Our game requires the user to make a new ‘match’ and invite his or her friends to it. While the user will be able to do this from the web interface, we also want it to be possible to start up a new match on the go, right from the mobile device. Essentially a match consists of three things: a starting location, the radius of an area surrounding that location, and a title. The problem I ran into with creating an interface for this is that capturing all of that information can get clunky. Below is the initial layout I came up with based on discussions with the team (disclaimer, I am a programmer practicing design without a license, these would normally be cleaned up before going into production).

Initial Interface

Initial Interface

So I didn’t really like the interface here, but I kept rolling along with development anyways, it’s still early enough in the process that overlooking aesthetics is alright. However, as I continued about my merry way writing code to support the interface I just built, it slowly dawned on me that everything wasn’t as ‘alright’ as I thought it was. Problem one came up when I tried to actually convert the distance entered into the text field to an appropriately sized circle on the map. The map on the iPhone only allows you to specify dimension in terms of one metric: latitude and longitude differences. So I dusted off my trigonometry skills and started to write the code that converts from a distance in meters, to iPhone friendly units. I then realized this still hadn’t exactly solved my problem, as it turns out, users at different elevations can’t exact distances the same way when using latitude and longitude to measure them. So for instance, if I’m at the top of an office building, the distance covered between a single degree of latitude is not identical to the distance covered between that same degree at the bottom. Well, needless to say my head started to hurt a little bit here, and I went back and re-evaluated why I was in this situation.

Reworked Interface

Reworked Interface

The conclusion I came to was that distances in feet or meters really aren’t always appropriate metrics to be using for mobile map interfaces. Granted, if you’re getting directions it’s nice to know how far down the road you need to continue, but on the other hand, how often do you evaluate the distance as drawn by a line on the map, and how often do you evaluate distance by looking down the road and approximating ‘another 200 feet’? I would wager that the map will almost always provide more accurate context for distance than any hard number would. So taking that as granted, I reworked my interface (and the concept of what a ‘match’ consists of) completely without any units of distance.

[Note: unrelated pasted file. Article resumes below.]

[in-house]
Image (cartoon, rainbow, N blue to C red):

Our new interface has a few benefits:

  • The user doesn’t have to worry about how far away three miles is, they just zoom in on the area they want their game to take place, the red circle remains the same size (relative to the screen) and they have chosen their game radius without having to enter it in a text field.
  • The issue of whether they are using kilometers or miles is completely a moot point
  • We’ve saved ourselves hours of development time, and the headache of ever having to convert or worry about distance
  • The interface is cleaner and simpler

I imagine that the same issue of converting distance for iPhone maps has occured countless times as more and more location based apps make their way into the app store, keep a look out for this: do you notice many of them bothering to note distances directly on the map?

Product Management: Features are Your Enemy

By | product design | One Comment

Kill Features

I have been reading the 37 Signals Book Rework. While I don’t agree with everything, the overall messages in it are dead-on. Every entrepreneur who has dreams of being the next Techcrunch traffic spike should read it; BEFORE they start.

No one thinks about product management when they start building an application. The entreprenuer assumes the role because it is their idea. What they don’t realize is that over time the idea evolves and they are no longer suited to manage it from inception to execution. Features get added daily in response to the proverbial “What If…”

Let me tell you from experience, having seen the demise of a startup with $1M+ invested, features are your enemy. There’s a section in Rework called Progress. Read it. Own it. Live it. Here’s the index: